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In this question $\mathbb F$ is a field and $P({\mathbb F}^{n+1})$ is the projective space of dimension $n$ over $\mathbb F$. The term algebraic variety means a subset of $P({\mathbb F}^{n+1})$ which is the set of zeroes of finitely many homogeneous polynomials with coefficients in $\mathbb F$. The field $\mathbb K$ is the field of non-standard complex numbers (real and imaginary parts are hyperreal) and $\mathbb C$ is the subfield of complex numbers. If V is a variety in $P({\mathbb K}^{n+1})$, is the shadow of V a variety in $P({\mathbb C}^{n+1})$ ? A point is in the shadow of V means it has some projective coordinates in ${\mathbb C}^{n+1}$ infinitesimally close to some projective coordinates in ${\mathbb K}^{n+1}$ of some point in V.

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It is not always true: take some infinite $\omega\in\mathrm{F}$ (a hyperreal number, s.t. $n<\omega$ for any $n\in\mathbb{N}$). And the point [$\omega\ $:$\omega^2$] defined in $\mathbb{FP}^2$ by the obvious equation $x-\omega^{-1}y=0$. – Anton Fonarev Nov 18 '11 at 0:13
I'd say that the proper question is whether such a projective variety is a shadow in the case where all the coefficients are finite and not infinitesimally small. Then the answer is affirmative. – Anton Fonarev Nov 18 '11 at 0:18
The shadow of that point seems entirely well-behaved: it's a point, $[0,1]$ since $[\omega,\omega^2]=[1/\omega,1]$ with shadow $[0,1]$. – Will Sawin Nov 18 '11 at 1:55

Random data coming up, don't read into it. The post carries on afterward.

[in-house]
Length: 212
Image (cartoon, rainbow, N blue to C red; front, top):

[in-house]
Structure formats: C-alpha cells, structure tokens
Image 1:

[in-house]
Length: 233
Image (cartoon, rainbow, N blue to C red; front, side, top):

Sorry, I was wrong in my first comment. Indeed, one should divide every equation by the biggest coefficient. – Anton Fonarev Nov 18 '11 at 8:53

The answer is "yes" if $V$ is the projective zero-set $Z(f)$ of a single homogeneous polynomial $f$. Perhaps an expert in several complex variables will provide a more general answer.

Without loss of generality, every coefficient of $f$ is finite (i.e., they all have modulus less than some standard $R$) and at least one coefficient is not infinitesimal. Let $st(f)$ be the "standard part" of $f$ obtained by replacing every coefficient with its standard part. Let $W$ be the shadow of $V$. I claim that $Z(st(f))=W$ where $Z(st(f))$ is the set of standard projective zeroes of $st(f)$.

The easy half, which generalizes to all algebraic varieties, is that $W\subseteq Z(st(f))$. Let $x\approx y$ iff $\lvert x-y\rvert$ is infinitesimal. If $[\vec w]\in W$ and (without loss of generality) all coordinates of $\vec w$ are finite, then $f(w)\approx 0$ by continuity of $f$, so $st(f)(\vec w)\approx 0$, so $st(f)(\vec w)=0$ because $st(f)(\vec w)$ is standard.

To prove the other half, suppose $[\vec u]\in Z(st(f))$. Choose a standard unit vector $\vec e$ such that $h(z)=st(f)(\vec u+z\vec e)$ is not constant on any open disc $D_r=\{z\in\mathbb{K}:\lvert z\rvert< r\}$ where $r>0$ is standard. Since $h$ has only finitely many roots, we may choose an arbitrarily small standard $r$ such that $h$ has no root on $\partial D_r$. Let $M$ be the (necessarily standard) minimum modulus of the $h$-image of $\partial D_r$. Setting $p(z)=f(\vec u+z\vec e)$, we have $p(z)\approx h(z)$ for all $z\in\mathbb{K}$. Hence, $\lvert p(z)-h(z)\rvert< M\leq\lvert h(z)\rvert$ for all $z\in\partial D_r$. By Rouche's Theorem, $h$ and $p$ have the same number of roots (counting multiplicities) in $D_r$. By overspill, $h$ and $p$ have the same number of roots in $D_\delta$ for some positive infinitesimal $\delta$. In particular, $p$ has an infinitesimal root, so $f$ has a root infinitely close to $\vec u$.

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I agree. It is also true for subvarieties defined by linear equations: projective subspaces. Maybe the general case follows from Bishop's theorem (MR0168801) "Conditions for the analyticity of certain sets" I am hoping someone out there knows the answer. – Daryl Cooper Nov 21 '11 at 22:03

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